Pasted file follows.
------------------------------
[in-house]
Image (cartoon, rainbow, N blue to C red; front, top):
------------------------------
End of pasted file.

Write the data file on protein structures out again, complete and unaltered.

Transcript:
[in-house]
Image (cartoon, rainbow, N blue to C red; front, top):